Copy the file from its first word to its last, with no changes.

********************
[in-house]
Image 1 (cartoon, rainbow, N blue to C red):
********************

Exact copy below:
[in-house]
Image 1 (cartoon, rainbow, N blue to C red):